Charlie Horse was my first stallion. He was a Palomino Pinto, half Thoroughbred and half Quarter horse. The American Paint Horse (APH) Association was started in 1962. I was told that the breeders of Charlie had a Pinto stock horse in mind with his breeding and though he would’ve fit nicely into that breed, I don’t know if his breeders knew anything about the APH breed, which was quite new at that time. I bought him as a two-year-old. I was only 15 when I got him. I remember him as a deep-chested, muscular, powerful horse with a long stride. His gold spots had an iridescent metallic shimmer. I wish I had photograph of him, but I don’t.
As a kid on the farm no one told me that stallions were dangerous. I never thought that his sporadic, odd behavior had anything to do with his being a stallion. A couple of times he would run at me with his ears back and I would scramble under or over the fence or get behind a tree. If I didn’t try to discipline him, he would then act cool as if nothing had happened, look around innocently or even act affectionate. Aside from that quirk, he trained up easy and he didn’t seem to be any different than any other horse.
My mother had a fenced garden in the middle of a paddock in which I kept him sometimes. I was on an important date with the television in the late afternoon watching Gilligan’s Island when I suddenly thought, “What if mom walks to the garden and the stallion tries to run her down?” I was so bothered by the horrible thought that I got up from the television and looked out the window. Sure enough at that moment, as mom was innocently carrying a basket full of produce back to the house, the stallion was running toward her with his ears pasted back. She was walking with no particular hurry and she didn’t seem to pay any attention or even look at him. He had been a ways off and was running fast. When he got about 10 feet from her, he threw his back legs under himself and slid to a beautiful stop, ending up right by her side, his nose touching her shoulder, looking as gentle and placid as a cow eating daisies. Mom never faltered a step or flinched. She just kept on walking. I couldn’t believe that the produce had not bounced out of the basket from his thundering hooves. I ran out and asked amazed if she noticed the onslaught. She said, “Yes, he has done that several times. He acts like a tough guy, but he has a good heart. He is really very gentle.” After that when he performed the violent charade on me a few more times, I did not run from him as before, though standing there made me jittery all over, I’ll tell you, from my hat right down to my boots!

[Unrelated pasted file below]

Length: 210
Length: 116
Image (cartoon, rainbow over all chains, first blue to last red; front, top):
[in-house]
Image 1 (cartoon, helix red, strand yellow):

He needed to know that however nice, well-meaning, and playful he was in his heart, his mocked aggression was inappropriate. It might make some people afraid. I had a bullwhip which I played with sometimes by attempting to snap flies on the barn wall with it or pop it over my head. I began to carry this whip when I was in his paddock. When he put on the show for me, I tried to discipline him with it, but he only got playful and strutted and trotted around me. However, I could make it pop pretty loud and eventually the discipline worked; he stopped the show.
I shared these adventures with Clarence Pal, the man that I had bought him from. He told me another part of the story. Sometime before I came along, Clarence and a potential buyer were standing in the middle of his round pen with the stallion. Clarence was attempting to point out the horse’s finer points. Suddenly the stallion turned on Clarence and ran at him. He dove under the rail fence to get away. The other man standing in the pen stood there laughing at Clarence when Charlie Horse turned on him and chased him through the fence on the other side of the corral. I noted with interest the fact that Clarence had somehow not remembered to tell me this funny story before I bought the horse.
Charlie Horse sired a colt, Little Charley, my second stallion. I don’t remember much about Little Charley. He was not a problem to train. I sold them both at about the same time when I was leaving the farm to start up my life. My theory about stallions for a long time, based on the two Charlies, was that they’re not very different from mares or geldings.
Postscript: Clarence was a fine person. I didn’t have many mentors or teachers that had time to tell me anything about horses. Clarence (an older man) gave me a lot of good advice and help. By chance I met Clarence, now quite old, a few years ago and thanked him for his help. I had to reintroduce myself. I had grown up and he didn’t recognize me. When he realized who I was, he immediately apologized, saying, “I do not know what I told you before, but it’s a not a value to buck out a colt. You should try to avoid that if you can.” He remembered that I used to like to buck out the wild colts, and was trying to caution me about that now.
Postscript, postscript: It was about 35 years later that I told this story about my mom and the stallion at her funeral. After her funeral, a close friend of my mom took me aside and said, “I think there were some other ‘wild stallions’ (meaning me, I guess) that she quieted with her faith.”